Eleven-year-old Jayden Lawler is an outdoor kind of guy. The Big Horn Elementary School fifth-grader enjoys spending time with his family and friends in our national forests and parks. Not only does he just visit these wild places, he takes the time to learn something about them.

He is our most recent participant in the Bighorn National Forest Junior Ranger program. He completed the booklet after visiting his local forest this summer and fall and has earned a certificate and badge. Being the avid learner and outdoorsman that he is, he has also earned badges from Theodore Roosevelt National Park to Death Valley National Park and many places in between.

“We had been to several national parks and hadn’t realized the program was available,” said Jayden’s dad, Chris. “After he received his first badge, he wanted to earn more. I learned this spring by pure luck that they had a program in the Bighorns.”

It all started two years ago when the family made plans to go on a national park tour. They had visited almost all the nearby national parks and wanted Jayden to experience the wonders of other locations. For 10 days the family toured Death Valley National Park, Giant Sequoia and Kings Canyon National Parks, Yosemite and Hetch Hetchy National Parks, Golden Gate National Recreation Area and Muir Woods National Park.

At their last stop, a Lake Mead National Recreation Area ranger asked Jayden if he participated in the Junior Ranger program and explained what is was. After that, he was hooked.

“I like getting the badge and learning about different things,” Jayden said. “I get to look for animals and trees and it’s pretty fun.”

You too can earn a Bighorn National Forest Junior Ranger badge. Print the booklet from our website, fs.usda.gov/main/bighorn/home, or call one of our offices for a copy.

Once you have completed all the activities, either return it to one of our offices or take photos or scan and email to SM.FS.bighorninfo@usda.gov or through the “contact us” link on our website.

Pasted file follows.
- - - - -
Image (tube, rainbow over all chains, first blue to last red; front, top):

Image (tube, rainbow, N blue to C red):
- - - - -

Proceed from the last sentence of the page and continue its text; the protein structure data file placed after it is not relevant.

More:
Along with learning fun facts about the forest, you will receive a badge and signed certificate for your efforts.

Following the lead of the popular National Park Service program, the Bighorn National Forest Junior Ranger Program started in 2017. The booklet was developed while Student Conservation Association intern Haylen Teel was working as an interpreter at Burgess Junction Visitor Center. Her original artwork, activities and games were updated into a new format in 2020. This booklet is available on the Bighorn National Forest website under the “Learning Center” and “Just for Kids” links, fs.usda.gov/main/bighorn/learning/kids. Along with the Junior Ranger booklet, you will find the Shell Falls Wayside Activity booklet and links to other exciting Forest Service educational resources.

The Forest Service also has a national program where you can learn about forestry and fire science. The Junior Snow Ranger teaches participants about the science of winter and snow. You can learn more about these programs on our website, fs.usda.gov/main/conservationeducation/smokey-woodsy/junior-rangers.

Any time of year is a great time to get outside and learn a little bit about your surroundings. Thank you, Jayden, for your hard work and for sharing your story.

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